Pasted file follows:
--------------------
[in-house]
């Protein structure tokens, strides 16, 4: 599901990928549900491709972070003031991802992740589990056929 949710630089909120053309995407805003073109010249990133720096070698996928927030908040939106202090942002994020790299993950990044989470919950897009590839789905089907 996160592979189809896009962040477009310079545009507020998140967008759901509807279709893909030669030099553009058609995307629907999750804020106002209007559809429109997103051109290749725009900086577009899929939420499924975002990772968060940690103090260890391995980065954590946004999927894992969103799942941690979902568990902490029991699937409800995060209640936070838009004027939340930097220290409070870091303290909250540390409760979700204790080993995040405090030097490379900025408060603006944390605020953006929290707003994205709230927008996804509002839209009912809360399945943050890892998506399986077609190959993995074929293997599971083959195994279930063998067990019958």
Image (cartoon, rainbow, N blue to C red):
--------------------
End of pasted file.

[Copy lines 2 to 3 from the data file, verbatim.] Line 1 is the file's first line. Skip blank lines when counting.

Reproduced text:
């Protein structure tokens, strides 16, 4: 599901990928549900491709972070003031991802992740589990056929 949710630089909120053309995407805003073109010249990133720096070698996928927030908040939106202090942002994020790299993950990044989470919950897009590839789905089907 996160592979189809896009962040477009310079545009507020998140967008759901509807279709893909030669030099553009058609995307629907999750804020106002209007559809429109997103051109290749725009900086577009899929939420499924975002990772968060940690103090260890391995980065954590946004999927894992969103799942941690979902568990902490029991699937409800995060209640936070838009004027939340930097220290409070870091303290909250540390409760979700204790080993995040405090030097490379900025408060603006944390605020953006929290707003994205709230927008996804509002839209009912809360399945943050890892998506399986077609190959993995074929293997599971083959195994279930063998067990019958």
Image (cartoon, rainbow, N blue to C red):